Articles Tagged with “Disability discriminiation”

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Almost 29 million people over 16 years old had a disability. Of these,
approximately 6,000,000, or 21 per cent, were in the labor force, compared with almost 150,000,000 million people without a disability, for a 68 per cent participation rate.

Discrimination is prohibited under both New Jersey’s Law Against Discrimination (the LAD), and the federal Americans With Disabilities Act (the “ADA”. New Jersey’s Law Against Discrimination considers a wide range of conditions to be “disabilities,” thus providing a far more extensive scope of coverage than the Americans With Disabilities Act. New Jersey’s courts have expressly ruled that a disability does not need to be severe. Examples demonstrating this wide scope of coverage include court rulings that the following are protected disabilities: obesity; alcoholism; heart attacks; back ailments; varicose veins; cancer; removal of the kidneys, adrenal glands, lymph nodes and ribs; mastectomies; coronary bypass surgery; alcoholism and other substance abuse; gender dysphoria; transsexualism; and shoulder and arm injuries.
Indeed even perceived handicaps are protected.

Disability discrimination in any manner is prohibited under both acts. However, disability discrimination generally falls into three areas – direct adverse termination actions, harassment, and failure to accommodate.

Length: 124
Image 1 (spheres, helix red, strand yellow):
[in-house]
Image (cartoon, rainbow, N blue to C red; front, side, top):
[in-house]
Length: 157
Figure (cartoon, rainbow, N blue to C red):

Adverse employment action discrimination is straightforward. An employer may not fire, fail to promote, pay less, or in any other way treat a disabled employee differently than an able-bodied employee solely because of her disability, provided the employee can perform her job with “reasonable accommodation.”

Second, an employer may not harass an employee because of her disability to the point of creating a severe or pervasive hostile work environment. Examples of harassment include name calling, offensive remarks about the employee’s disability, public (in front of co-workers or customers, etc.) criticism or yelling, inconsistent treatment (for example, giving a work schedule which is more inconvenient that those given to non-disabled employees, or denying training opportunities), intentional exclusion from critical work meetings or social functions; displaying offensive materials at work; unfair or disparate denial of vacation; threats of discipline or firing; and physical violence or intimidation.
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